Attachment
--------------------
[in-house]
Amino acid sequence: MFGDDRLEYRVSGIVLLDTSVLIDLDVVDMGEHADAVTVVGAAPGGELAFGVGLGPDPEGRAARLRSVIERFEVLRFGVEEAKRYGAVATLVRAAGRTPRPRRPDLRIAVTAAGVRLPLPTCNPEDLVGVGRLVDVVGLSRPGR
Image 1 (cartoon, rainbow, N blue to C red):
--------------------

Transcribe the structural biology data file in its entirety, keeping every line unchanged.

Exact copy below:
[in-house]
Amino acid sequence: MFGDDRLEYRVSGIVLLDTSVLIDLDVVDMGEHADAVTVVGAAPGGELAFGVGLGPDPEGRAARLRSVIERFEVLRFGVEEAKRYGAVATLVRAAGRTPRPRRPDLRIAVTAAGVRLPLPTCNPEDLVGVGRLVDVVGLSRPGR
Image 1 (cartoon, rainbow, N blue to C red):